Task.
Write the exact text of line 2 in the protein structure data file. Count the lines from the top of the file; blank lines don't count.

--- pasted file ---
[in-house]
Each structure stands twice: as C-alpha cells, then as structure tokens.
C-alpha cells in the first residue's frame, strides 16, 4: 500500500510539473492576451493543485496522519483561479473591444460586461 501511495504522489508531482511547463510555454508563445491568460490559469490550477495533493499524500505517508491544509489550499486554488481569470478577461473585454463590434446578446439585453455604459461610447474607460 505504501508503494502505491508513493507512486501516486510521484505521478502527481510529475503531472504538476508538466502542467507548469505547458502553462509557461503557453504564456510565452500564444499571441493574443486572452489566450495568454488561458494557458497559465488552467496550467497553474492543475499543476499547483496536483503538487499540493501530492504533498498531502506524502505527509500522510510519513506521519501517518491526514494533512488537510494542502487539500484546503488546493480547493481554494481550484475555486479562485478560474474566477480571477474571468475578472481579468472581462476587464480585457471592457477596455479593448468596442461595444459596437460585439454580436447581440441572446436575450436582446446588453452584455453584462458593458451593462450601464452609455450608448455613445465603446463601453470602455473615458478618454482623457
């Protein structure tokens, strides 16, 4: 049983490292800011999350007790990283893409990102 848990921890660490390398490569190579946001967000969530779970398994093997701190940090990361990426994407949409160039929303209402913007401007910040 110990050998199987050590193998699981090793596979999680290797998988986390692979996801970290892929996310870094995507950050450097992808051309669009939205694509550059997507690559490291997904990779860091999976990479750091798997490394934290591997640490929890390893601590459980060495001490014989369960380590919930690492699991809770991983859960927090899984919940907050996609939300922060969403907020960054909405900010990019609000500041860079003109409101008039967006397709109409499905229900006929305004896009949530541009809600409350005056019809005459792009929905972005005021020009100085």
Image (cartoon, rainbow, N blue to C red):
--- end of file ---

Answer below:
Each structure stands twice: as C-alpha cells, then as structure tokens.